Francis Steinmetz

Francis Steinmetz (20 September 1914 – 2 January 2006) was an officer in the Royal Netherlands Navy who escaped from Oflag IV-C, Colditz Castle, a German POW camp, during World War II, making a "home run" to safety.[1]

Francis Steinmetz
Birth nameFranciscus Steinmetz
Born(1914-09-20)20 September 1914
Batavia, Netherland East Indies
Died2 January 2006(2006-01-02) (aged 91)
Allegiance Netherlands
Service/branch Royal Netherlands Navy
Years of service1932–1959
RankKapitein Luitenant ter Zee (commander)
AwardsBronze Cross (Netherlands)

Early lifeEdit

Steinmetz was born 20 September 1914 in Batavia, Dutch East Indies and entered the Dutch Royal Navy in September 1932. After periods on various boats he was posted to the submarine service. He was captured in 1940 in Amsterdam by advancing German forces.

Initially sent to a prison camp at Soest, Germany, Steinmetz was then transferred to a POW camp Silesia. He refused to sign a German parole saying he would refrain from any hostile act towards Germany and was transferred to Sonderlager IVC, at Colditz Castle.

Escaping ColditzEdit

 
Colditz Castle, prison camp (1945)

At Colditz all Dutch escapes were coordinated by the Dutch escape officer Captain Machiel van den Heuvel, known as "Vandy" by the British. Van den Heuvel quickly recognised the possibilities of the exercise park and soon had his first escape plan ready. On 15 August 1941 Steinmetz and Hans Larive hid under a manhole cover under the cover of a rugby scrum. Lieutenant Gerrit Dames then created a diversion by cutting a hole in the barbed wire fence, before allowing himself to be caught, shouting to imaginary escapers to run, so that the Germans would think that the missing officers had already escaped.

Larive and Steinmetz hid for several hours. The cover was fixed with a heavy bolt, which Van den Heuvel had replaced with a fake made of glass. Once it was dark the two men forced the manhole cover open from below, and replaced the now broken glass bolt with the original one. They then made their way out of the castle. (This escape method was repeated on 20 September 1941 by two other Dutch officers, C. Giebel and O. L. Drijber.[2]). At Leisnig Steinmetz and Larive took a train to Nuremberg where they waited for their next train in a nearby park. To avoid attracting unwanted attention, they pretended to be a courting couple, with Steinmetz pulling a blanket down over his shorts so it looked like a skirt. They crossed the Swiss border on 18 August 1941.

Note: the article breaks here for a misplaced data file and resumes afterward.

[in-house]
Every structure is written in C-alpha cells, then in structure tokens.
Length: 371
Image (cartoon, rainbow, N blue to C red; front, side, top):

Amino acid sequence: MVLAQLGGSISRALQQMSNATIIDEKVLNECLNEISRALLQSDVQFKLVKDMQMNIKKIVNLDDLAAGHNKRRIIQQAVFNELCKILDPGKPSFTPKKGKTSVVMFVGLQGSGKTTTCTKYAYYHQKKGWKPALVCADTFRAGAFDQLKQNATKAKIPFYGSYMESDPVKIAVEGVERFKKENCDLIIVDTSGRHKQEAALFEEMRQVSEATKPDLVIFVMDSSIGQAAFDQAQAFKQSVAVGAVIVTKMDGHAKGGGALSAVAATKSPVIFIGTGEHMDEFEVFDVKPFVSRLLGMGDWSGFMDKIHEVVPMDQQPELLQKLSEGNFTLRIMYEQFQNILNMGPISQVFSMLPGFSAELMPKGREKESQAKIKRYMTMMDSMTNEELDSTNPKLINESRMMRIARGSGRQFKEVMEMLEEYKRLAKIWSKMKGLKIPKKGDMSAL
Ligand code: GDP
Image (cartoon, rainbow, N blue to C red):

Under Swiss neutrality law they were not allowed to leave the country, so the Dutch Legation provided false papers describing them as sugar planters on their way to Cuba. They travelled on a sealed train in which neutrals were able to pass through France into Spain. At Barcelona they boarded the neutral ship, Isla de Teneriffe, sailing for Havana. The ship was intercepted by a Royal Navy cutter in the Strait of Gibraltar and the two men were taken off[3] and arrived in Gibraltar on 4 November. They then sailed to England aboard the submarine HNLMS O 21 and arrived in London on 17 December 1941.[4]

After interrogation by the British, Steinmetz served on motor torpedo boats, taking MTB 222 to the West Indies. He later commanded Dutch motor torpedo boats in the Far East.

Post-war careerEdit

After the end of the Second World War, Steinmetz returned to Holland and served at the naval training camp at Hilversum. In December 1950, he commanded the minesweeper Boereo in Dutch New Guinea, before returning to the naval training centre at Voorschoten.

Steinmetz later commanded the minesweeper De Bitter and the frigate De Zeeuw, before joining the Dutch Ministry of Naval Affairs. His final ship was the destroyer Limburg.

After retiring, Steinmetz worked for Ole Anderson in Denmark, making fan impellers.

FamilyEdit

Steinmetz married twice, first in 1946 to Regina Henrietta Noren (until her death in 1974); and then Peggy George, who predeceased him. He had one son during his first marriage; and two step-daughters by his second.

ReferencesEdit

  1. ^ "Kapitein Luitenant Francis Steinmetz". The Daily Telegraph. 25 February 2006. Retrieved 31 July 2013.
  2. ^ "Home Runs from the Castle Camp & Grounds". colditzcastle.net. Archived from the original on 25 April 2012. Retrieved 27 September 2011.
  3. ^ "Obituaries : Kapitein Luitenant Francis Steinmetz". telegraph.co.uk. London. 25 February 2006. Retrieved 27 September 2011.
  4. ^ Hans Houterman & Jeroen Koppes. "E.H. "Hans" Larive". unithistories.com (in Dutch). Retrieved 27 September 2011.{{cite web}}: CS1 maint: uses authors parameter (link)

External linksEdit